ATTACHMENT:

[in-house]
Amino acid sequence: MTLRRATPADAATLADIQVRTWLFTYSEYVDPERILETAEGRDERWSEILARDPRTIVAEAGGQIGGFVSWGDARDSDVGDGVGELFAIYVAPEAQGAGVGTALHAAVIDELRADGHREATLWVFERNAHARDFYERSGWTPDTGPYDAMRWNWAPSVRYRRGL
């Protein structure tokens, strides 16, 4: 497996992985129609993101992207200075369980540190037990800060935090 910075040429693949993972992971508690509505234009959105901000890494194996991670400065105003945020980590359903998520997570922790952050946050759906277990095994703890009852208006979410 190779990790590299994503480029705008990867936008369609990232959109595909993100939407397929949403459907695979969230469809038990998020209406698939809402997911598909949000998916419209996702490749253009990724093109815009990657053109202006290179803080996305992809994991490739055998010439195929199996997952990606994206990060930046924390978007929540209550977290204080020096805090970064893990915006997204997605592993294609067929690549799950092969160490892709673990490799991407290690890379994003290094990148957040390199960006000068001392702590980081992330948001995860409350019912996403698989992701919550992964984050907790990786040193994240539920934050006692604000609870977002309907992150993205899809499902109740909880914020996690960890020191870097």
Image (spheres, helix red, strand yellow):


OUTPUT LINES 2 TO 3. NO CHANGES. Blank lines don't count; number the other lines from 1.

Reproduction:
Amino acid sequence: MTLRRATPADAATLADIQVRTWLFTYSEYVDPERILETAEGRDERWSEILARDPRTIVAEAGGQIGGFVSWGDARDSDVGDGVGELFAIYVAPEAQGAGVGTALHAAVIDELRADGHREATLWVFERNAHARDFYERSGWTPDTGPYDAMRWNWAPSVRYRRGL
């Protein structure tokens, strides 16, 4: 497996992985129609993101992207200075369980540190037990800060935090 910075040429693949993972992971508690509505234009959105901000890494194996991670400065105003945020980590359903998520997570922790952050946050759906277990095994703890009852208006979410 190779990790590299994503480029705008990867936008369609990232959109595909993100939407397929949403459907695979969230469809038990998020209406698939809402997911598909949000998916419209996702490749253009990724093109815009990657053109202006290179803080996305992809994991490739055998010439195929199996997952990606994206990060930046924390978007929540209550977290204080020096805090970064893990915006997204997605592993294609067929690549799950092969160490892709673990490799991407290690890379994003290094990148957040390199960006000068001392702590980081992330948001995860409350019912996403698989992701919550992964984050907790990786040193994240539920934050006692604000609870977002309907992150993205899809499902109740909880914020996690960890020191870097």